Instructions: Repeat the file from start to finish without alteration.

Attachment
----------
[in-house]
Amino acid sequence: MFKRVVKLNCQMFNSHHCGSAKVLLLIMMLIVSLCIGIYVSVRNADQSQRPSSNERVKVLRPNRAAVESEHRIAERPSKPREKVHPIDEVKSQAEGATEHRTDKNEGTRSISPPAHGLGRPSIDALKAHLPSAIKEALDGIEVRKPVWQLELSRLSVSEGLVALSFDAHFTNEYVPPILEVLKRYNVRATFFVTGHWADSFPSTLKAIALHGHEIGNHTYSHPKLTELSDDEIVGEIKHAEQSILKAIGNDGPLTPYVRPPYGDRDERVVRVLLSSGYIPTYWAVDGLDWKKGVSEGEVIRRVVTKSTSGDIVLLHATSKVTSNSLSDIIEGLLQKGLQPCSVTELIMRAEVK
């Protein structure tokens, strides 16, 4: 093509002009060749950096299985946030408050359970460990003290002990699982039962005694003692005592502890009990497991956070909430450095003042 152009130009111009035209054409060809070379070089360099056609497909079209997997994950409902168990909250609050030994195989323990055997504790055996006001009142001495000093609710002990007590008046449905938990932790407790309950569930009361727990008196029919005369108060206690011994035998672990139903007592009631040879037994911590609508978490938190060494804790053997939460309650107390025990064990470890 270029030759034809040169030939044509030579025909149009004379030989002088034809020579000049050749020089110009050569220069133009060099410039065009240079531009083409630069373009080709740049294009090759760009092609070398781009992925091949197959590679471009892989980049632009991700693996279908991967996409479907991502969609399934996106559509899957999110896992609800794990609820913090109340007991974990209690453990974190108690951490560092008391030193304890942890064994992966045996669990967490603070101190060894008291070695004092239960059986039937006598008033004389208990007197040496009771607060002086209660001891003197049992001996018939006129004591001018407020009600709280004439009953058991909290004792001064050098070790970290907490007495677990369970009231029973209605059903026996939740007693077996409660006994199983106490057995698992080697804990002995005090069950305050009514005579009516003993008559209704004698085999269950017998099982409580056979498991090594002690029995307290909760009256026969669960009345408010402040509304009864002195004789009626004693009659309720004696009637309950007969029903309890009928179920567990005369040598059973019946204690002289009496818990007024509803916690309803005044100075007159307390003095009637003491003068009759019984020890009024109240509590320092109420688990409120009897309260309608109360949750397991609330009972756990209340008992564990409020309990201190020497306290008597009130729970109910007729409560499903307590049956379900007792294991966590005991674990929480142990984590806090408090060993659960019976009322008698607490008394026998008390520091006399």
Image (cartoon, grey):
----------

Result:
[in-house]
Amino acid sequence: MFKRVVKLNCQMFNSHHCGSAKVLLLIMMLIVSLCIGIYVSVRNADQSQRPSSNERVKVLRPNRAAVESEHRIAERPSKPREKVHPIDEVKSQAEGATEHRTDKNEGTRSISPPAHGLGRPSIDALKAHLPSAIKEALDGIEVRKPVWQLELSRLSVSEGLVALSFDAHFTNEYVPPILEVLKRYNVRATFFVTGHWADSFPSTLKAIALHGHEIGNHTYSHPKLTELSDDEIVGEIKHAEQSILKAIGNDGPLTPYVRPPYGDRDERVVRVLLSSGYIPTYWAVDGLDWKKGVSEGEVIRRVVTKSTSGDIVLLHATSKVTSNSLSDIIEGLLQKGLQPCSVTELIMRAEVK
């Protein structure tokens, strides 16, 4: 093509002009060749950096299985946030408050359970460990003290002990699982039962005694003692005592502890009990497991956070909430450095003042 152009130009111009035209054409060809070379070089360099056609497909079209997997994950409902168990909250609050030994195989323990055997504790055996006001009142001495000093609710002990007590008046449905938990932790407790309950569930009361727990008196029919005369108060206690011994035998672990139903007592009631040879037994911590609508978490938190060494804790053997939460309650107390025990064990470890 270029030759034809040169030939044509030579025909149009004379030989002088034809020579000049050749020089110009050569220069133009060099410039065009240079531009083409630069373009080709740049294009090759760009092609070398781009992925091949197959590679471009892989980049632009991700693996279908991967996409479907991502969609399934996106559509899957999110896992609800794990609820913090109340007991974990209690453990974190108690951490560092008391030193304890942890064994992966045996669990967490603070101190060894008291070695004092239960059986039937006598008033004389208990007197040496009771607060002086209660001891003197049992001996018939006129004591001018407020009600709280004439009953058991909290004792001064050098070790970290907490007495677990369970009231029973209605059903026996939740007693077996409660006994199983106490057995698992080697804990002995005090069950305050009514005579009516003993008559209704004698085999269950017998099982409580056979498991090594002690029995307290909760009256026969669960009345408010402040509304009864002195004789009626004693009659309720004696009637309950007969029903309890009928179920567990005369040598059973019946204690002289009496818990007024509803916690309803005044100075007159307390003095009637003491003068009759019984020890009024109240509590320092109420688990409120009897309260309608109360949750397991609330009972756990209340008992564990409020309990201190020497306290008597009130729970109910007729409560499903307590049956379900007792294991966590005991674990929480142990984590806090408090060993659960019976009322008698607490008394026998008390520091006399």
Image (cartoon, grey):